Sharing Stress with Your Main Squeeze by Janice Taylor, Life & Wellness Coach, Cert. Hypnotist, NLP Practitioner, Author, Seminar Leader and 50-Pound Big-Time-Loser! (write Janice for a Free Consult!)
You are stressed to your last nerve. Things are piling up at the job. Things at home are out of control. And the weather is dark, grey and rainy.
You REALLY need to talk, let it out (lest you devour a jumbo one pound candy bar and at 170 calories per ounce that’s 2720 calories; two days’ calorie allotment) and in walks your main squeeze.
How much stress is appropriate to share with your spouse, partner, significant other … your main squeeze? What’s the difference between sharing and dumping?
True, you need to vent and an important part of a relationship revolves around sharing your life, letting the other person know what’s going on, as well as asking for support; giving support. Leaning on each other … all important parts of a relationship.
Nevertheless, before you dump – ‘talk at’ the other person, here follows a few truly helpful and useful guidelines:
- Ask Permission: “Is this a good time to listen? I need to share the gruesome details of my crazy day.” If the answer is “NO!” Respect that No! Ask, “Please let me know when it is a good time.
- Timing: Before you launch into your bucket list of upset, frazzled nerves and complaints (all justified, of course), do check in with your main squeeze to see if he or she is equally stressed.
- Be Clear: Are you sharing, looking for feedback, or just need a place to be heard. If all you want is to be heard. Start the conversation off with “Please, do not respond. Just listen -intently! I need you to be with me. That’s all.”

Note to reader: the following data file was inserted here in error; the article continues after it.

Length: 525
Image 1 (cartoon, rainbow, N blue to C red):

- Time Yourself: Vent, talk, share … dump … whatever you want to call it for a maximum of one minute and then check in and see if the person is still with you. Really 30 seconds would be better. Don’t take advantage of the ‘sharee.’
- Responsibility: Ultimately, it is your stress. Support is GREAT! But no one can singularly ‘fix it.
Special Note: For further insight into the machinations of relationships, I checked in with Peter Weinstein, LCSW, Psychotherapist, Relationship Expert.
Mr. Weinstein adds, “Being sensitive to your partner’s needs is one of the most important components of a successful relationship. Just as YOU want respect and appreciation, so does your partner/spouse. Putting yourself in the ‘others’ shoes and considering his/her needs (without sacrificing your own need) is true empathy and the cornerstone of relational/marital bliss.
“Janice gives great advice on how to orchestrate getting help and attention from your ‘main squeeze’ in a particularly stressful situation. Nicely done.”
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